ERIC Number: EJ1051347
Record Type: Journal
Publication Date: 2015-Mar
Reference Count: 5
Test Review: Naglieri, J. A., Goldstein, S. (2013), "Comprehensive Executive Function Inventory." North Tonawanda, NY: Multi-Health Systems
Fenwick, Melanie; McCrimmon, Adam W.
Canadian Journal of School Psychology, v30 n1 p64-69 Mar 2015
This article provides a description and review of the "Comprehensive Executive Function Inventory" (CEFI; Naglieri & Goldstein, 2013), published by Multi-Health Systems Inc. (MHS). It is a rating scale developed to measure a wide array of Executive Function (EF) abilities in individuals aged 5 through 18 years. Completed by a parent, teacher, and/or child/youth (12-18 years of age only), the CEFI is designed to provide normative information on an individual's EF abilities, including strengths and weaknesses related to the domains evaluated. Suitable for assessment, diagnostic, or intervention/treatment processes, the CEFI is relevant in clinical, educational, and research contexts. The CEFI can be administered and interpreted by psychologists and professionals from related fields who have MHS "B-level" qualifications, and who are familiar with educational and psychological testing standards. The development of the CEFI was grounded in current theoretical and research literature as well as the authors' clinical and research experience. EF is conceptualized as representing higher order cognitive processes, such as decision making, planning, problem solving, mental flexibility, and inhibition. These processes are primarily performed by the pre-frontal areas of the frontal lobe, and play a role in cognition, behaviour, and emotion. According to the authors, EF is best measured by observation in real-life situations or by assessing cognitive processes. The CEFI includes a Technical Manual and three separate forms for each respondent. The manual provides best practices for administration and interpretation. All forms are available in English and Spanish in the MHS QuikScore format, and can be administered via paper or online. Overall, this review reveals that the CEFI is apparently a strong measure of EF with relevance for a number of settings. Psychologists working in schools may find it particularly useful when exploring the cognitive abilities of children with disabilities known to arise from EF impairments (i.e., ADHD, ASD, LD).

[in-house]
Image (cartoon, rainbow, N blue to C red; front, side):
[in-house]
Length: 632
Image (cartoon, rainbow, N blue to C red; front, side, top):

Descriptors: Executive Function, Rating Scales, Cognitive Tests, Children, Adolescents, Testing, Scoring, Test Reliability, Test Validity, School Psychologists
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Publication Type: Journal Articles; Reports - Evaluative
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